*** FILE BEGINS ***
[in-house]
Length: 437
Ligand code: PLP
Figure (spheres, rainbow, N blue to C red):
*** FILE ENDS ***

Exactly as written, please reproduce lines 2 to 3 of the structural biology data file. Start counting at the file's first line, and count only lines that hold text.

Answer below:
Length: 437
Ligand code: PLP